Chapter 22: The Donald of the Opera
Roy, now masquerading as Donald Harris, returned home to the address that was printed on his driver's license. Not surprisingly, it was a little house on the outskirts of that same Podunk town where Roy had spent a brief but wild time in that backwoods speakeasy.
May Harris was there to greet her son on the front porch with open arms and plenty of tears. The lines in her face were deeper than they should have been for a woman her age, but her eyes still sparkled like emeralds, and her figure was not at all shabby. It occurred to Roy that he might have a touch of an Oedipus complex going on.
"Hi, mom," he said as they embraced for an uncomfortable thirty-or-so seconds.
"Thank you, Lord ... " May whispered as she clutched Donald against her bosom.
"Well, I could eat a horse, Mother. What's cookin'?" he said as he broke the embrace.
May looked into her son's eyes, and a quizzical expression came over her face. "I don't believe I've ever heard you call me 'Mother' before."
"Well, there's a first time for everything," Donald countered, trying to sound casual. "Now I'm gonna wash up and change out of this uniform for good."
"Amen to that," May said with conviction.
After a fortnight of May's home cooking, Donny felt like he had enough meat on his bones to head up north in search of steady employment. He had heard stories about how an ordinary Joe could make a good living in the Motor City, so he hopped on a bus bound for Detroit.
During a stop in Gary, Indiana, Donny got off the bus, assessed the crumpled bills and tarnished coins he had in his pocket, and changed his strategy. He bought a ticket on an eastbound bus that would take him to Cleveland, Ohio. He wondered if it would be like he remembered it.
Cleveland, as it turned out, was a city on the rise in the years following World War II. This, of course, was long before the Cuyahoga River caught on fire, before Mayor Kucinich announced there wasn't enough money in the treasury to pay the electric bill, and before some smart-ass Pittsburgh Steelers fan printed up a bunch of t-shirts that said Cleveland, The Mistake By The Lake.
Instead of gearing down after the war, Cleveland's factories and mills were still revved up, thanks to plenty of Cold War paranoia. And family-owned machine shops were springing up all over the place, to help meet the nation's demand for parts needed to assemble automobiles and household appliances. A man with any gumption could hop off a bus in Cleveland, open up a newspaper to the classified ads, find a job, earn a good living, get married, buy a house and a car, have a couple of kids and a dog, and still manage to put a little away at the end of every month. Donny picked up a job in one of those independent machine shops on Cleveland's east side. It was owned by two Hungarian brothers, Bella and Laszlo Gaspar. They were smart, self-taught men who liked to work hard and drink hard.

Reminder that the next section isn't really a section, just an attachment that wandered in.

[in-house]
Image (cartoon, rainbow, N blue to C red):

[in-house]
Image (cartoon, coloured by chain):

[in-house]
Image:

They saw that Donny had a knack for the work, and they taught him the tricks of the trade. Soon he was earning good money, driving a used but reliable Buick, and renting a respectable room on the second floor of a duplex above a Polish family. He stayed on that course as the years ticked by, and one New Year's morning, a very hung over Donald Harris woke up to a new decade -- 1960. The world was passing him by. He decided he was finally going to get serious with his girlfriend -- a cute redhead named Shannon.
She was Irish-Catholic, and she had marriage and babies on her mind most of the time. Donny figured what the hell, and he proposed to her. She accepted, and Donny cut a cash deal with the priest so he didn't have to take all the pre-requisite religious mumbo-jumbo the Church required of all the heathens who wanted to get hitched within their hallowed halls. Father O'Malley took the fat envelope graciously, signed a few waivers, presided over the ceremony, and got roaring drunk at the reception along with everybody else. It was a marvelous occasion.
Soon enough, there was a baby boy on the way, and two years after that they were blessed with a second miracle -- another son. So long as Donny maintained the requisite level of inebriation, he could almost believe he was living the American dream. Of course, there were those troublesome moments of sobriety that would always throw a monkey wrench in the works. For one, the real Donald Harris was still lurking in the shadows of his mind, like his own personal Phantom of the Opera. Beer and whiskey helped soothe the symptoms, but there were times when the tormented thoughts of that pesky ghost bubbled up into his own consciousness.
The only recourse he had was to up the dosage of booze until the little demon in him went to sleep. The problem, though, was that he still had to maintain a fairly high degree of functionality to earn his paycheck.
He was able to pull it off because the three-martini-lunch was still very much in fashion. Every neighborhood had a bar, and every bar owner kept a book. Men factored their tabs into the budget just as they would the light bill or the mortgage. Society, as a whole, seemed to maintain a baseline buzz, and as long as he didn't stumble around or slur his words too bad, he was able to get by. Donny felt like he had enough left in the tank to keep up the charade for another thirty or forty years. But then, in the spring of 1974, the works got all gummed up. Shannon's father, being the hard-drinking Irishman that he was, had just about pickled his liver. He accepted the news the way men used to accept the news about their own mortality: with a shrug and a six-pack of Schlitz. He had done well in life. He served proudly on the U.S.S. Texas in World War I, manning the big guns and engaging German warships and U-boats in the North Sea. Admittedly, he raised more hell on shore leave than he ever did on the high seas, but he was never in it for the medals. He was in it to serve his country as best he could, and get the hell out before he got neutered by shrapnel from a Kraut torpedo.
He came home in one piece, worked hard in the steel mill, got married to a nice lass, and paid off his home in just under twenty years. He was, for the most part, a loyal husband, and the few times he strayed, he made sure to address his indiscretions in the confessional booth. He had six kids, and eleven grandkids with more on the way.